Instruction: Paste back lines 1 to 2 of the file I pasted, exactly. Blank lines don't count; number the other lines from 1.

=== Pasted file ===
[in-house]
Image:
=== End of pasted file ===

[in-house]
Image: